The College Board: Useful or Useless?

Students and Educators share their opinions and experiences with the looming figure in high school life that is The College Board.


Cameron Levasseur

In 2010, the cost of taking the SAT with an essay was $47, this year, that same test will set students back $68. “I think College Board has to go back to the roots of why they exist and who they’re actually here to help,” said Presque Isle High School history teacher Zachary Powers.

Cameron Levasseur, Sports Editor

The Maine Department of Education decided earlier this year to shift away from the mandatory administration of SAT for high school juniors in favor of the NWEA, a standardized test that is taken by Maine students in the state throughout their educational careers. This has left many educators and students  questioning the usefulness of The College Board: a nonprofit organization which oversees the SAT as well as the curriculum of AP classes with the purpose of promoting college readiness—except, do they?

In the past decade, the corporation has been slammed by numerous scandals surrounding the legitimacy of their nonprofit status. More recently, when the world shut down last spring, they became a national symbol of mockery online as students and teachers expressed outrage of their poor handling of the AP Exams, which were forced to shift to a virtual model due to the outbreak of COVID-19 in the US.

“I despise The College Board,” said senior Ethan Wydysh. “Their exams are all predicated on you studying for the exam itself and not very well based on the course material. 

Wydysh, who has taken multiple AP tests as well as the SAT in the past year, expressed similar concerns regarding the company’s financials. “It’s a lucrative and corrupt business,” he said. “The exams are a lot of effort and stress, and they aren’t even a guaranteed credit in the end [even though] you pay for them.”

“They are listed as a non-profit,” he continued. “But annually I believe their CEO makes over a million dollars so I would not define them as not for profit. They are out to make a good profit.”

His sentiments were backed by longtime Presque Isle High School history teacher Zachary Powers, who has seen his fair share of The College Board over the past two decades. “I personally think that the College Board has become an organization more concerned with maximizing their ability to make dollars rather than providing good educational services for kids,” he said.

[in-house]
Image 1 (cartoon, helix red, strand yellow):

“How they handled the AP Exams (last year) is a perfect example of them just wanting to constantly figure out a way to still get your money,” Powers continued. “The back and forth on that in terms of how they were going to set up the test changed several times just between when we shut down in March and the actual test day. There wasn’t very good communication for the kids in terms of how the tests were going to be handled, how they were going to be scored, if they could get their money back.”

Amidst all the negatives, some still grant the organization concessions for the more positive aspects of their work. “I find that the College Board’s thought process behind what they’re trying to do is excellent,” said Guidance Department Director Andrea Hallett. “They’re trying to give every student an equal opportunity to take the same tests.”

Much like the others however, Hallett sees their faults on a much more regular basis. “I find, as an organization, that it’s very difficult for counselors to work with them,” she said. “Usually when you call, you’re put on hold for a long period of time. Nothing is ever simple. If there’s an issue you have to go through four or five different people to get it rectified. It just seems like it’s very disorganized from the backend, and as far as counseling is concerned it’s very frustrating.”

In regard to the tests themselves, the phase out of the SAT as a required exam came as a welcome change to Hallett, who says that the merits of the NWEA exam outweigh that of its predecessor. “The way that the NWEA is set up to work is through scaffolding questions, so if you get one right you go to the next level and if you get one wrong you go back, so I think it’s a truer gauge of a student’s actual ability compared to a flat test across the board, which is what the SAT is.”

“They [the College Board] started in a good space,” she continued. “It was the college entrance exam that everyone was using, and now it’s become a situation where there are other tools and they’re trying to compete with the other tools instead of working with what they’ve already got. It’s become very expensive, especially for students in Aroostook County, if you take it ]the SAT] four or five times at $60 to $70 a pop and then to send your scores it’s another $15 for each school, so it gets really pricey for families that can’t afford that.”

Despite all the cons, Hallett says that it’s unlikely that the corporation fades from use anytime soon at the high school level. “I think that as colleges are still using them, it is useful,” she said. “But more and more colleges are realizing that it’s not as representative as it used to be because it has become elite, and lower income families can’t afford to take it, and that speaks volumes. So I think it does have a niche right now, but as we go on, people are going to realize their flaws and create programs that are more representative for students.”